David is my brother. He is three years older and had bad luck before he was even born. Mom had pneumonia during her pregnancy and David got the mumps and measles when he was just weeks old. My grandmother didn't pay attention when she was changing his diaper and he rolled off the table. He fell (or got pushed) off a two story building, fell off a motorcycle, got severe burns on his feet and got hit by a car.
When Mom was seven months pregnant with me, she was told David was retarded and her age was probably a factor (she was 38 when he was born) and that the current baby (me) would probably be worse. I was born with a cold, but other than that, I was normal. The Doctors told her to put David in an institution, but she said NO, he belonged at home.
I didn't know David was different until I got in grade school, when other kids called him names and threw rocks at him. Their parents weren't much better, they wouldn't let their children come to our house because he was different. I guess they thought their kids might "catch" it. Who would have thought adults could be so dumb?
David was my playmate growing up. He liked Tonka trucks and I hated dolls, so we got along fine, playing in the dirt. I fought the jerks who teased and bullied him because no matter what they did to him, he wouldn't fight back. Most of David's problem was speech related, he understood exactly what you said to him, but when he tried to reply, the words got all garbled up on the way out. He laughed at good jokes and managed some simple one syllable words, his favorites being Coke and truck, though it came out more like coe and truh, but I understood him.
When I was about six, Mom said she wished someone would teach David how to pee standing up and since I had taught him to tie his shoes and write his name with a crayon, I thought she was talking to me. She wasn't, but I didn't know that! While playing in the woods across the street from our house, I had to go and having seen little boys do it, I tried it myself. Then I showed David. He was much better at it than I was and Mom just laughed when I proudly told her what I had done.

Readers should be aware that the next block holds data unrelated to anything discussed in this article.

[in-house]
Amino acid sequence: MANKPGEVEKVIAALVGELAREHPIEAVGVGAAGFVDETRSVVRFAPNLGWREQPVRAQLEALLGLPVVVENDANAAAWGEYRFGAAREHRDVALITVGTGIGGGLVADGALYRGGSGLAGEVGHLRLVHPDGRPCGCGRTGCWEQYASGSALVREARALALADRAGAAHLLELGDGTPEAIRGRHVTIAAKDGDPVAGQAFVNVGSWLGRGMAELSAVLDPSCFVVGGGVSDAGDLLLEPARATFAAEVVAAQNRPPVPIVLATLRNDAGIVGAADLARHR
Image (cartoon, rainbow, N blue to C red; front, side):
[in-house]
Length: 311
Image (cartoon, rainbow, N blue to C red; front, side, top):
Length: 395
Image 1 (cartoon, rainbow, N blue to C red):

David had seizures in his sleep. I was about seven the first time I awoke and saw one. Mom showed me how to hold his head to the side until it was over. Many nights, I was the only one who heard him. I guess I should have been scared, but Mom made it seem normal, so I never was.
Nothing ever seemed to bother him. Oh, he got frustrated some times when people couldn't understand what he wanted, but usually he would figure out a way to make them understand. He was fearful of little kids and small yapping dogs, but could approach the most vicious big dogs and they would wag their tails and snuggle up to him. Cats seemed to have an affection for him, too. David was always happy, laughing or smiling.
Once, when we were adults, during Thanksgiving dinner at my home, a drink got knocked over. Everyone panicked, except David, he grabbed his napkin and mopped it up, even though he wasn't the one who spilled it, and then he gave a hearty laugh and grabbed some more turkey! Now, tell me, who was the smart one?
I have a special place in my heart for anyone who is different and my Parkinson's Disease seems minor compared to David's life. I taught David how to tie his shoes and pee like a man, but he taught me how to LIVE and LOVE and most of all LAUGH!
Thank you for reading this story, I hope you enjoyed it. This is just one of a hundred stories in my book, Parkinson's Humor - Funny Stories about My Life with Parkinson's Disease. Please consider purchasing a copy from Amazon.com or your favorite online book seller. Thank you and have a Happy Parkie Day!